Off the edge Education

Facing the storm


Do you feel uncertain about a career? Do you lack the freedom to choose a subject that you really want to pursue? Do you always feel low on self-confidence? Are you constantly doubting yourself? A Q&A column to assuage your doubts

I am working as an assistant manager in a leading public sector bank for the last five years. I am now 28 years old and have done my B.Tech. I would like to know about opportunities abroad in the Banking, Financial Services and Insurance (BFSI) sector — both government and private (with an inclination towards government), keeping my current job experience in mind. Also, I would like to know about the various courses which I should opt for, in order to equip myself with the skills necessary to handle managerial roles. I am confused as to how and where I should start looking for government jobs abroad, which is not restricted to banking alone. — Karthik Mohanadasan

Dear Karthik,

BFSI sector includes companies that provide a range of products/services used by IT/ITES/BPO companies and technical/professional services that manage data processing, application testing and software development. An MBA in Banking Management/Finance Management is a good start. Some of the entrance exams conducted for bank recruitment are IBPS Common Written Exam for Probationary Officer, State Bank of India Probationary Officer, Common Written Exam for Regional Rural Banks, Common Written Exam for Specialist Officer, RBI Grade A and Grade B Exams, and so on. There is more information on that you will benefit from. Good luck.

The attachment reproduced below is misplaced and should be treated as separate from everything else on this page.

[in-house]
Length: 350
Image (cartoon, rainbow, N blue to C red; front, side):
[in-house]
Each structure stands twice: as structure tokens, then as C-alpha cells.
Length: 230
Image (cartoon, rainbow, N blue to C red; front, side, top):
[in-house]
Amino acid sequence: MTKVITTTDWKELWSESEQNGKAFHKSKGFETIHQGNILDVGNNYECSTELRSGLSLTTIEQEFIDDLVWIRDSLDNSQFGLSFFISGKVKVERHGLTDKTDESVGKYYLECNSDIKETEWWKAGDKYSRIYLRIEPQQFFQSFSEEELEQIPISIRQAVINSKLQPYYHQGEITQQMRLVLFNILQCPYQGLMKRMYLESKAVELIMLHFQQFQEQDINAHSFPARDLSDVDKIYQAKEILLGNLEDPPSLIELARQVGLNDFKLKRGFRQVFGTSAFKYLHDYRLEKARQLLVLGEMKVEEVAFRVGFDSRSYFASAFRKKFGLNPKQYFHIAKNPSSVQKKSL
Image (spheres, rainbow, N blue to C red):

I have been preparing for the bank exam for the last two years and I am yet to clear them. I feel stressed out and demotivated. How do I stay positive and achieve my goal? — Swetha. A

Dear Swetha,

I understand your stress and frustration. Many of these entrance exams are really hard, long, tough and downright demotivating if you do not clear them. However, the only truth that exists, if you want to get to the rainbow at the end of the storm, is to brave and face the storm. There are no secrets to success. It is the result of sheer preparation, hard work, and learning from failure. Do not let anyone and anything demotivate you and feel rejected. After the initial disappointment and sadness, start afresh and prepare harder. Pick a subject that you are confident in. Practise more mock tests and equip yourself with better time management skills. Identify what went wrong both the times. Get some good online resources and join a coaching class if that will help. A structured study schedule is really helpful, especially where you feel accountable to a mentor. All the best.

Disclaimer: This column is not a substitute for long-term therapy. It is merely a guiding voice. Some issues may need medical intervention.

The writer is a practising counsellor and a trainer. She will answer questions sent to The subject line should be: ‘Off the edge’

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Printable version | Jan 20, 2020 5:54:55 PM |

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